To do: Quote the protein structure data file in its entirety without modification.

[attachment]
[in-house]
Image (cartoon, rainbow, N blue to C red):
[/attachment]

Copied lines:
[in-house]
Image (cartoon, rainbow, N blue to C red):